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US monitoring Brazil plan to break AIDS drug patent

June 28, 2005

WASHINGTON (Reuters) – The United States is keenlyfollowing Brazil’s plan to break a patent held by a U.S. drugcompany to cut treatment costs for the country’s tens ofthousands of AIDS sufferers, a U.S. official said on Tuesday.

“We are monitoring this latest development closely throughour embassy in Brasilia and here in Washington,” a U.S. tradeofficial said, without commenting on whether the United Stateswould challenge Brazil on the issue.

“We will maintain our communication with the government ofBrazil and our industry. The U.S. has been a leader, not onlyin developing innovative drugs, but also in making surecountries have the tools within the rules to combat healthcrises,” the official added, speaking on condition he not beidentified.

Brazil has announced it will break a patent on AbbottLaboratories Inc.’s anti-retroviral drug Kaletra to provide acheaper generic version for its treatment program.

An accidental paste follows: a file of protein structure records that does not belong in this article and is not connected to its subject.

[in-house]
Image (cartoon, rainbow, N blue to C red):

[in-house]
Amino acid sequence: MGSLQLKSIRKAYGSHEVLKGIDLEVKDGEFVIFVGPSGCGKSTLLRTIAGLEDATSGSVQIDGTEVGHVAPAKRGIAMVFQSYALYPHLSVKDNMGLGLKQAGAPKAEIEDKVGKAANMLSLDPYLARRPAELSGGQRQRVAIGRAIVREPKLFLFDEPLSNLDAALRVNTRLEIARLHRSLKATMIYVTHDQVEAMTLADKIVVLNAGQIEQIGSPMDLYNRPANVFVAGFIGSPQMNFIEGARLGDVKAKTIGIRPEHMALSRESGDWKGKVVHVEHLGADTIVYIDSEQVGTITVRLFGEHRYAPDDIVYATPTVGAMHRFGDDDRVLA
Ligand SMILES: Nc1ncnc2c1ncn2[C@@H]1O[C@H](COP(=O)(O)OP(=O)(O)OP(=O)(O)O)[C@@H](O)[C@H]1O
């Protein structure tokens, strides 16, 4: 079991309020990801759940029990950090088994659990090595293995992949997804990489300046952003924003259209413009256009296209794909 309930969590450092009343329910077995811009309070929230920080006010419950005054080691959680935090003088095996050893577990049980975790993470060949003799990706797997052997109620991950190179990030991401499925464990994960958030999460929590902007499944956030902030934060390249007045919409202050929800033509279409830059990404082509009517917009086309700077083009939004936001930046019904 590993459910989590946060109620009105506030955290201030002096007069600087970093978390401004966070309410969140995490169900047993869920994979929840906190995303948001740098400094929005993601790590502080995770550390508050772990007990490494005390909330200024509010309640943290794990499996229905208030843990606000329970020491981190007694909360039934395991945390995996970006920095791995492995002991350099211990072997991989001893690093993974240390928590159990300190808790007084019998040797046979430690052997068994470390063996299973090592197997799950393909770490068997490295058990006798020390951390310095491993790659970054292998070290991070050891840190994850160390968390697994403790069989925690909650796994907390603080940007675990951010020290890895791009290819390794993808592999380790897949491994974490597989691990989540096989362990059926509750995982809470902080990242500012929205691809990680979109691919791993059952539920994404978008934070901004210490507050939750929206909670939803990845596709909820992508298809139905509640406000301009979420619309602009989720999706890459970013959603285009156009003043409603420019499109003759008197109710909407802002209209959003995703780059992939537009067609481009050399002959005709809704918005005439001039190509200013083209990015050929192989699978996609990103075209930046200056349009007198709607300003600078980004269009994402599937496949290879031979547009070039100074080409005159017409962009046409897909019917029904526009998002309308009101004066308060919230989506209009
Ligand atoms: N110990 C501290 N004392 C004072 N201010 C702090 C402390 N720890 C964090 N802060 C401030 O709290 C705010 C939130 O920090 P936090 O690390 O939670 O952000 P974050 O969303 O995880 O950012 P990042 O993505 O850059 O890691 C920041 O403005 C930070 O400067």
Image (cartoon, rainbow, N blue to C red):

It would be the first time any country has broken a patentin order to produce an anti-AIDS drugs. Brazil says itsstate-owned lab could make the drug for 68 cents a pill, lessthan the $1.17 each the government pays Abbott.

At a news conference in Geneva on Monday, Brazilian HealthMinister Humberto Costa argued the move was “totally legal”under World Trade Organization rules.

Brazil was taking the step after Abbott had refused togrant a voluntary license to manufacture Kaletra, Costa said.

The order, the first issued by Brazil in a long-runningtussle over pricing between developing countries andmultinational companies producing drugs used in AIDS treatment,will go into effect within 10 days, Costa said.

Kaletra is one of three ARVs made by Abbott and two otherU.S. firms on which Brazil will this year spend $250 million,63 percent of its AIDS budget, to treat some 180,000 sufferers.

WTO rules give member countries discretion to protectpublic health by issuing compulsory licenses allowing themanufacturing of patented drugs.

Mark Grayson, a spokesman for the Pharmaceutical Researchand Manufacturers of America, questioned whether Brazil facedan emergency that justified breaking the patent.

Statistics show its spending on AIDS drugs has declinedover the past five years, he said.

“As a policy matter, threatening to break patents doesn’tsolve the AIDS problem,” Grayson said.




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